Q&A with John T. Sullivan Jr.
Former Oswego mayor and co-chairman of the NYS Democratic Party inks book about Port City
By Hannah McNamara
John T. Sullivan Jr. has enjoyed a long and distinguished career in law, politics, higher education and journalism — he is a former Oswego mayor, and has served as co-chairman of the state Democratic Committee. The native Oswegonian and resident of Saratoga Springs recently published a new book, “Forks in the Road,” which is a compilation of newspaper columns that previously appeared in Oswego’s The Palladium-Times.
Q.: Can you tell us a brief outline of what your new book, “Forks In The Road,” is all about?
A.: My book is a compendium of 28 articles I’ve written previously for The Palladium-Times in a monthly column called “Forks In The Road.” In essence, it’s a book about people from Oswego and small-town America. You don’t have to be from Oswego to be moved and touched by the lives and stories of people in the book. It’s about heart, lives that are well lived, and a series of inspirational short biographical articles that you can enjoy no matter where you’re from.
Q.: What was the motivation behind writing the book?
A.: Since I’ve retired, I’ve been doing a lot of writing. I thoroughly enjoy writing and as I get older, I’ve had more opportunity and time to spend writing. I’ve been telling these stories for years and I feel like I might as well put them down on paper, get them off my chest, and get them into print so I can engage readers outside of just the Oswego area.
Q.: You are quite active as a writer. Have you always been interested in expressing yourself in written form? What do you find most enjoyable about writing columns?
A.: When I was a student at SUNY Oswego, I wrote a weekly column for The Oswegonian called “Politics Darn Quick” or “PDQ.” It was a take from the “TRB From Washington,” which was a very famous liberal column in The New Republic.
I’ve been writing ever since then. I haven’t always written as often as I would like, but now that I have more time, I have a lot to say. I’ve always been a preacher and a self-styled pontificator. I’ve been giving speeches my whole life and I really enjoy proselytizing. It gives me great satisfaction when I see I’ve had a positive impact on people’s lives as a teacher, educator, political leader, mayor or human being. Whatever role I have played in life, I’ve tried to uplift people and that’s been the most rewarding course for me in life.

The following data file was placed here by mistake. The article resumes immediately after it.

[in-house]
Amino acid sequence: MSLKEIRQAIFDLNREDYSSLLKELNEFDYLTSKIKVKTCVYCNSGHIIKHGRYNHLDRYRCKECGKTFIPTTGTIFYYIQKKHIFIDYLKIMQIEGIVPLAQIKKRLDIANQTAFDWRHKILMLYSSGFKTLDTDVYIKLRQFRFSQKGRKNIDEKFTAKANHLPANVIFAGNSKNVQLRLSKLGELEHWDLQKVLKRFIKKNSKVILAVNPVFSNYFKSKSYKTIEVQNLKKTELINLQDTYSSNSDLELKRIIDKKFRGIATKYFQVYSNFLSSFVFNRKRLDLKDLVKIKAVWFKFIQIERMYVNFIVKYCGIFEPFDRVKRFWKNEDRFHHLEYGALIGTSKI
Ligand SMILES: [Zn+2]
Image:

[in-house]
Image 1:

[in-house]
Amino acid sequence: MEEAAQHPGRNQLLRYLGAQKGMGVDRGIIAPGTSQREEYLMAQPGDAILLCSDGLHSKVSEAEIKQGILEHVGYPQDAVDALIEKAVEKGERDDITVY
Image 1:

Q.: What is your impression of social media and how do you think it benefits society?
A.: For me, social media just replaces the water cooler at work. I’m not going to the office every day like I used to, so I enjoy it because of the social interaction and it’s the validation that I get. I also feel like it’s given me a platform to express myself politically and through social commentary.
I largely attribute the success of my book sales to Facebook. People from various phases of my life and various places are still following what I’m saying so it compelled them to buy my book.
Q.: What are you presently doing now in terms of your career? Are you still practicing law?
A.: I’m not practicing law a lot, but as much as I want to. Currently, I have a website for my law office and I’ve got about six or seven cases that I’m handling. It keeps me occupied, interested, and it allows me to keep doing what I’ve done my whole life — help people get from point A to point B. However, I don’t want to get exhausted doing it, so I like to keep busy in other ways. I travel, I write a lot, I’m doing some legal work, and I also enjoy the social life here in Saratoga.
Q.: You headed the attorney general’s office in Watertown from 2003-2008 and were co-chairman of the state Democratic Committee. Are you still involved in government and/or politics on any level?
A.: Not really, although last year I did work for Gov. Andrew Cuomo’s campaign as a part-time consultant where I did a lot of traveling and speaking. Prior to that, I was working for a government group called EffectiveNY where I traveled around the state promoting its agenda. But currently, I stay active as an observer and stay-up-to date on everything so I’m poised and current if need be. I’m staying engaged in a detached, pundit and commentator way.
Q.: Do you visit the Port City on occasion? What do you like to do when visiting?
A.: I visit regularly. I have friends and family there and it’s still my hometown. If I’m away too long, I need my Oswego fix. I need to stop into Canale’s and Vona’s or just stand at the top of the hill and look at the lighthouse and absorb it all. You can take the boy out of Oswego but you can’t take Oswego out of the boy. Oswego is still the greatest little city on a great big lake that I’ve ever had the opportunity to experience.
Q.: What are your plans in retirement?
A.: Retirement for me is a relative concept. It is about engaging myself in several different ways. I’ll always need to have something going on that lets me feel like I’m contributing in some way and I’m going to keep paddling along until I lose my paddle.
• For a link to John T. Sullivan Jr.’s book, visit http://bookstore.authorhouse.com/Products/SKU-001063289/Forks-in-the-Road.aspx.